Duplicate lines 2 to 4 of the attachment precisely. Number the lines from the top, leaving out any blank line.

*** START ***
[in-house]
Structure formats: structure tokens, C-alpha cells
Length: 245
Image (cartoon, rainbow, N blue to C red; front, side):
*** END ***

Structure formats: structure tokens, C-alpha cells
Length: 245
Image (cartoon, rainbow, N blue to C red; front, side):